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Thermo-Fan To Keep Your Amp Cool (LM348M)

2017-07-15 11:33  
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 This article describes the Thermo-Fan To Keep Your Amp Cool (LM348M). The content is very simple, very helpful. Components in this article can help you understand better understanding of this article. For example, in this article, you can go to find and buy these components:LM348M.



In many areas of the world, keeping an amplifier cool is no big deal, because of generally low average temperatures. In Sydney (Australia), we can guarantee at least a few days every year when the temperature will be over 40 degrees C, and we are not alone in this. With Global Warming, we might all have the same problem in a few years.

The project described is not intended to allow you to skimp on the heatsink, but to ensure that the amp is never allowed to exceed a preset temperature. Class-A amplifiers and very high power amps will benefit the most, but the thermal controller principle described can be applied to almost anything.

It is extremely sensitive, and can easily be set so that a few degrees change is enough to turn on a fan, and reduce the power (or turn it off again) as the amp cools.

As of 02 Jan 2000, there is a second version, designed to operate directly from the amp’s ve supply rail, and is specifically for amps that use a supply voltage greater than 30V. The circuit is almost identical, using one additional low cost transistor and an extra resistor.



The controller uses one or more ordinary silicon diodes as a sensor, and uses a cheap opamp as the amplifier. I designed this circuit to use 12V computer fans, as these are now very easy to get cheaply. These fans typically draw about 200mA when running, so a small power transistor will be fine as the switch. I used a BD140 (1A, 6.5W), but almost anything you have to hand will work just as well.

Figure 1

Figure 1 – The Thermo-Fan Controller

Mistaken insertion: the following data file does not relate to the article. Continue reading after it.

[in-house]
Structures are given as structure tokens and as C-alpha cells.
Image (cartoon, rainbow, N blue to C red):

As can be seen, the circuit is very simple, and needs only a 12V single supply. This can be obtained from a small transformer, which need be rated at no more than 5VA or so. The supply does require regulation for the sensor if you want it to be accurate, but a simple zener regulator is sufficient for normal operation.

All diodes are 1N4004 or similar, and Q1 must be on a small heatsink – or may be mounted to the amplifier chassis. Make sure it is properly insulated, and use thermal grease. Maximum dissipation will be about 2 W, but it will overheat very quickly if there is no heatsink.

R7 has been added to ensure that Q1 turns off when the opamp’s output is high. Most opamps can’t reach the supply rail, and the voltage is usually about 1V less than the ve supply. Some opamps may have a lower maximum voltage, and R7 will ensure that Q1 can be turned off completely. The same change has been made to the alternative version shown below.

The temperature is set with VR1. Operate the amp until the normal temperature is reached, then adjust VR1 until the fan starts. Then back off very slowly until the fan stops again. Any increase over the normal temperature will start the fan, and promptly bring the temperature back down again.

You can test the circuit without the amp, using a diode (or diodes) out in the air. Adjust as above, then hold the diode between your fingers – the fan should start up almost immediately, and stop again when you release the diode. Just the heat from your fingers is enough to operate the circuit. I tested the circuit with 3 standard 1N4004 diodes in parallel, and even without device selection I could hold any one of them and make the fan start.

I do not recommend that this be used from any preamp supply, as the motor noise will almost certainly cause problems. For this reason, I also suggest that you keep the switching transistor and fan leads will away from signal circuits to prevent noise.